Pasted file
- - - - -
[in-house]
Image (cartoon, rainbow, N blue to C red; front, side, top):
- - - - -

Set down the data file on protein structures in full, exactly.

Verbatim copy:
[in-house]
Image (cartoon, rainbow, N blue to C red; front, side, top):